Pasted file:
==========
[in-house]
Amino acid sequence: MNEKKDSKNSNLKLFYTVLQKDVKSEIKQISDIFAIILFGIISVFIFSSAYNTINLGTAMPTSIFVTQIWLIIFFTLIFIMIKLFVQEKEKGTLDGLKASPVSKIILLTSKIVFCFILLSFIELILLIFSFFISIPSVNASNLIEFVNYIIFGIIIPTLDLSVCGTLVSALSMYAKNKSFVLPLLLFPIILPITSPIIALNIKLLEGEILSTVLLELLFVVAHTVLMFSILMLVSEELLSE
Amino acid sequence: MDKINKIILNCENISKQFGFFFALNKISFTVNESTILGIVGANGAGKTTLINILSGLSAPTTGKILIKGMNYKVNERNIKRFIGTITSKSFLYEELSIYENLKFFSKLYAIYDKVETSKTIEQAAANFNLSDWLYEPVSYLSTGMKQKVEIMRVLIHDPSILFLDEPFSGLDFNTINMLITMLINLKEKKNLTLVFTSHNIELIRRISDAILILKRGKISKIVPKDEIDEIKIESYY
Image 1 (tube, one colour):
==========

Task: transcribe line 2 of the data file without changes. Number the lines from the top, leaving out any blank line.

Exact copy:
Amino acid sequence: MNEKKDSKNSNLKLFYTVLQKDVKSEIKQISDIFAIILFGIISVFIFSSAYNTINLGTAMPTSIFVTQIWLIIFFTLIFIMIKLFVQEKEKGTLDGLKASPVSKIILLTSKIVFCFILLSFIELILLIFSFFISIPSVNASNLIEFVNYIIFGIIIPTLDLSVCGTLVSALSMYAKNKSFVLPLLLFPIILPITSPIIALNIKLLEGEILSTVLLELLFVVAHTVLMFSILMLVSEELLSE